what's the reason? (attach some images)
 

what's the reason? (attach some images)  

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luckywithmhk
(@luckywithmhk)
New Member

hi, everyone

I have done my first 3d printing ever 

but I have found some problem of that

what can I do to solve this?

it's a smooth surface cylinder 

 

Posted : 28/02/2020 3:41 pm
bobstro
(@bobstro)
Famed Member

Those bumps are caused by the z-seam. You can move it around (Print Settings->Layers and perimeters->Advanced->Seam position) but not completely hide it. It's a limitation of current consumer-grade FFF technologies. That seam has to go somewhere. If the layer has corners, you can tell the slicer to hide it in angles. Unfortunately, cylindrical or rounded shapes don't allow easy hiding. Aligning it to rear might at least put all of the irregularities on one side where you can hide or sand it. Tweaking your filament extrusion rate and linear advance settings can help minimize the size of the seam, but only to a point.

Here's what my seams look like after some tuning and calibration. The selection of filament makes a big difference in appearance. It's not so noticeable in white, but a silver or shiny filament will make the seam more apparent:

My notes and disclaimers on 3D printing and miscellaneous other tech projects
He is intelligent, but not experienced. His pattern indicates two dimensional thinking. -- Spock in Star Trek: The Wrath of Khan...
Posted : 28/02/2020 5:38 pm
vintagepc
(@vintagepc)
Noble Member
Posted by: @bobstro

Those bumps are caused by the z-seam. You can move it around (Print Settings->Layers and perimeters->Advanced->Seam position) but not completely hide it. It's a limitation of current consumer-grade FFF technologies. That seam has to go somewhere. If the layer has corners, you can tell the slicer to hide it in angles. Unfortunately, cylindrical or rounded shapes don't allow easy hiding. Aligning it to rear might at least put all of the irregularities on one side where you can hide or sand it. Tweaking your filament extrusion rate and linear advance settings can help minimize the size of the seam, but only to a point.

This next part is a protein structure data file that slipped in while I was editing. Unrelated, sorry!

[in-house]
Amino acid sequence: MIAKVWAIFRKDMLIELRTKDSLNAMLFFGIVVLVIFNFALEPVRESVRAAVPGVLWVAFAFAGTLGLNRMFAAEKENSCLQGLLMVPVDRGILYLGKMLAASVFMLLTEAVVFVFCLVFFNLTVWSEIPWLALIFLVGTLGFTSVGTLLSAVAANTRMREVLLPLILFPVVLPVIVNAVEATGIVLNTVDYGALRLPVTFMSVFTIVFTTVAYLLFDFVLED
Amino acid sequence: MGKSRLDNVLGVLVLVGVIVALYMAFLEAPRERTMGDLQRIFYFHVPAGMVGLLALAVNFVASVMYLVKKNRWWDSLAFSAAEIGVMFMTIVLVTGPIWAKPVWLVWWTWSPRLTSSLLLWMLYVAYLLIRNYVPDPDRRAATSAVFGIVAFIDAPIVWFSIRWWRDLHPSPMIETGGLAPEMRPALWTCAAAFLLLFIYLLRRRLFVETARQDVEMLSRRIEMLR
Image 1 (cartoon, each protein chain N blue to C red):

Here's what my seams look like after some tuning and calibration. The selection of filament makes a big difference in appearance. It's not so noticeable in white, but a silver or shiny filament will make the seam more apparent:

Holy crap. And I thought mine were good. Filament calibration time...

Posted : 28/02/2020 6:47 pm
Tim
(@tim-m30)
Illustrious Member

Speaking of seams, they can be minimized, but it is work, here' what I got mine down to:

It is always wise to get more than one opinion......
Posted : 29/02/2020 1:16 am
nikolai.r
(@nikolai-r)
Noble Member

Just keep in mind that reducing the seam usually goes hand in hand with worse structural integrity. My functional parts don't look great for a reason 🙂 

Often linked posts:
Going small with MMU2
Real Multi Material
My prints on Instagram...
Posted : 29/02/2020 1:29 am
GkMakeIt
(@gkmakeit)
Trusted Member

Using semi transparent filament can help hide the seams.

Keep your work environment neat and clean it can only help | Strive for better...
Posted : 29/02/2020 5:35 am
luckywithmhk
(@luckywithmhk)
New Member

@gkmakeit

thank you so much 

I understand about that 

 

 

Posted : 01/03/2020 3:56 am
luckywithmhk
(@luckywithmhk)
New Member

@vintagepc

thank you so much 

I try to test it 

Posted : 01/03/2020 3:57 am
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